By Lawrence Hurley
WASHINGTON (Reuters) - The Supreme Court on Monday weighed whether part of a tough federal criminal sentencing law should be struck down for being overly broad as the justices heard an appeal by a Minnesota white supremacist sentenced to 15 years in prison for illegally possessing a firearm.
Several of the nine justices indicated a willingness during the one-hour oral argument in the case to vote in favor of defendant Samuel Johnson, although it is unclear exactly how they will rule.
If Johnson wins, he would be re-sentenced, facing a maximum 10-year sentence instead of 15 years. If the court strikes down the provision in question, it would affect similar cases around the United States.
The law, called the Armed Career Criminal Act, imposes a minimum 15-year sentence when a defendant is convicted of possessing a firearm and has previously been convicted of at least three qualifying crimes, including violent felonies. The law outlines the crimes covered, including burglary and arson.
At issue in the case is an additional provision that says the law also applies to previous convictions that concern "conduct that presents a serious potential risk of physical injury to another."
Criminal defense lawyers say the phrase is too vague and violates the U.S. Constitution's Fifth Amendment, which mandates due process under the law. The Supreme Court has already had several cases in recent years touching upon what kind of conduct should be covered.
Johnson was hit with the additional sentence in 2012 when he pleaded guilty to one count of being a felon in possession of a firearm. He had previously been convicted of robbery on two occasions and possessing a short-barreled shotgun. Johnson's lawyers argued that merely possessing the shotgun should not count as a violent felony.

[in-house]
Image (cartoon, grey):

Johnson initially attracted the FBI's attention in 2010 due to his role with the National Socialist Movement, a white supremacist group.
During the oral argument, several justices gave potential examples of why the law could be viewed as overly broad.
Liberal Justice Stephen Breyer said the phrase could cover someone convicted of multiple drunken driving offenses. Conservative Justice Antonin Scalia questioned whether blackmail would be covered even if there is no explicit threat of violence.
"There's something odd about this statute that's causing the problem, and I can't put my finger on it," Breyer said.
A ruling is due by the end of June.
The case is Samuel Johnson v. United States, U.S. Supreme Court, No. 13-7120.
(Reporting by Lawrence Hurley; Editing by Will Dunham)